31 min
The Deeds of Jesus in their Apocalyptic Context
17: The Deeds of Jesus in their Apocalyptic Context

Some scholars have begun to question the view of Jesus as an apocalypticist. This lecture examines two ways scholars have sought to explain evidence that would support an apocalyptic understanding of Jesus.

30 min
Still Other Words and Deeds of Jesus
18: Still Other Words and Deeds of Jesus

Scholars need not deny the possibility of miracles to admit that historical research can never demonstrate their actual occurrence. Historians can, however, discuss recorded reports of miracles. Was Jesus widely held to be able to expel demons, heal the sick, and perform other miracles?

30 min
The Controversies of Jesus
19: The Controversies of Jesus

Jesus often met with opposition. This lecture explores the traditions of Jesus' rejection and some of his disputes with the Pharisees. How did Jesus' radical emphasis on the command to love sit with Scriptural demands for ritual purity?

30 min
The Last Days of Jesus
20: The Last Days of Jesus

There is better documentation for Jesus' final week than for any other period of his life. He went to Jerusalem at Passover. At the temple he caused a disturbance. Why? As Jesus kept preaching, local authorities arranged to have him quietly arrested. Jesus had a last meal with his disciples, warning them that his enemies were about to strike.

30 min
The Last Hours of Jesus
21: The Last Hours of Jesus

How precisely did Judas Iscariot betray Jesus? Jesus was not, after all, in hiding. Why did Judas betray Jesus? How did the local Jewish authorities investigate Jesus? Why did they turn him over to the Romans?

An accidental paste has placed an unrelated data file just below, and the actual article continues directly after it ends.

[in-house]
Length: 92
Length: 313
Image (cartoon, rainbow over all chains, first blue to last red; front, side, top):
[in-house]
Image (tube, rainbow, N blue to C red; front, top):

31 min
The Death and Resurrection of Jesus
22: The Death and Resurrection of Jesus

How good are the sources for what happened at the trial of Jesus? Can they help explain why the Jewish authorities handed Jesus over to Pilate, who ordered immediate torture and crucifixion? Despite discrepancies in their accounts of what transpired at Jesus' tomb, all of the sources agree in important ways.

30 min
The Afterlife of Jesus
23: The Afterlife of Jesus

The first Christians were Jewish apocalypticists. They believed that God would raise the dead in the end time, and that Jesus-the first raised-was a major figure in this divine triumph over evil. What happened when people from different backgrounds began to join the church?

31 min
The Prophet of the New Millennium
24: The Prophet of the New Millennium

If historians seeking to learn what Jesus said and did need to take his context into account as they examine his life, theologians and believers who are interested in appropriating that message need to scrutinize it in light of their own situations.

31 min
Bart D. Ehrman

Anyone who’s interested in understanding what the words of Jesus might mean in the modern world cannot take them at face value and apply them to the present situation without seeing how that situation is different from his own.


Princeton Theological Seminary


The University of North Carolina, Chapel Hill

About Bart D. Ehrman

Dr. Bart D. Ehrman is the James A. Gray Distinguished Professor at The University of North Carolina at Chapel Hill. He completed his undergraduate work at Wheaton College and earned his M.Div. and Ph.D. from Princeton Theological Seminary. Professor Ehrman has written or edited 27 books, including four best sellers on The New York Times list: Misquoting Jesus: The Story behind Who Changed the Bible and Why; God's Problem: How the Bible Fails to Answer Our Most Important Question-Why We Suffer; Jesus, Interrupted: Revealing the Hidden Contradictions in the Bible (and Why We Don't Know about Them);and Forged: Writing in the Name of God-Why the Bible's Authors Are Not Who We Think They Are. Professor Ehrman also served as president of the Society of Biblical Literature, Southeastern Region; book review editor of the Journal of Biblical Literature; editor of the Scholars' Press monograph series The New Testament in the Greek Fathers;and coeditor-in-chief for the journal Vigiliae Christianae. Professor Ehrman received the John William Pope Center Spirit of Inquiry Award, the UNC Students' Undergraduate Teaching Award, the Phillip and Ruth Hettleman Prize for Artistic and Scholarly Achievement by Young Faculty, and the Bowman and Gordon Gray Professorship (awarded for excellence in undergraduate teaching).